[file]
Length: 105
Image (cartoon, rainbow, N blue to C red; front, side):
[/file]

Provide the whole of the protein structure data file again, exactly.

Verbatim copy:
Length: 105
Image (cartoon, rainbow, N blue to C red; front, side):